Low Poly, Low Poly, Low Poly


#1

I may be kick out of this forum by saying that I rarely use the Sketchup Warehouse. All my models are low poly. I’m interested in using SKP to create quick 3D models to explore ideas and to explain my idea with the client, so the faster the computer the better; the less polys to deal with, the better.

I model almost everything. I look at the furniture catalog and I model it from there, very simple models, again, my goal is to show an “idea” not a “real” model.

Look at the coffee cups in the attached renderings, they are simple faceme geometry. I’ve seen “interior designers” in my firm building models with blocks from the warehouse…their computers are so slow with so many faces.

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#2

While true you have to see that a lot of people in the 3D warehouse are young and just cutting their teeth with 3D. This means in general a lot of the models are very busy and over faceted.

I was the same for many many years but thats how I learned. I see it as a free resource so with that you accept what you get now and again.

Commercially, there are so many 3D repositories, if you need ideal meshes quick it’s never an issue.


#3

Edit: now that I have looked at your other posts i realise you are not ranting just posting some nice low poly shots. Just goes to show how easy it is to misread things when you can’t hear the tone on the words. I’ll leave my reply as is anyway as it is mostly relevant.

I’m not really sure of the point of your post, to me it reads like it is trying to be a rant but doesn’t quite get there. You’ve stormed in and described how you use sketchup, in a very normal way. Was there a question or a specific point you wanted to make?
It reminds me of the time 30 German police stormed into my building with dogs and guns, the rushed up the 7 flights of stairs and came to a stop at my neighbour’s door completely filling the narrow staircase with big beefy bodies. They knocked loudly. Nothing… They knocked again, they knocked a third time and said very loud and forcefully “This is the police, open the door now or we will be forced to get a locksmith…at your expense!”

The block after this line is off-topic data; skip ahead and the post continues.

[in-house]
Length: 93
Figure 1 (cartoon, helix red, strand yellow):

Kinda takes the wind out of your sails when the follow up just isn’t there.

I guess your point is that everyone should be working low poly because that is all that is needed… for your specific workflow.
In truth, you’ve sort of nailed the main point of Sketchup, it can be used for many many things and no one workflow is the correct one.
For you low poly is what you need as you make general overview sketches. For others they need low poly in certain areas but then a high poly coffee cup because they will do detail shots of the coffee table. Others need only high poly because they want the smoothest finish possible on their 3d prints.
There are many other possible scenarios that affect the poly count, no one poly fits them all. It sounds like your colleagues would benefit from understanding your low poly workflow, perhaps you could organise an inhouse seminar focusing on the pros and cons of various modelling methods and how to optimize your workflow.


#4

One of the great things about the Warehouse is that you can see the file size even when hovering over thumbnails. If you click on a file to select it, you get much more info, including the poly count. So it’s easy to avoid over-detailed components.

Many very experienced SU users here have long since decided that it is better to model their own stuff and rarely download components from the Warehouse. They have often said that many components in the Warehouse are poorly drafted and that, if you know what you’re doing, it is often faster to make your own model rather than spend time cleaning up someone else’s.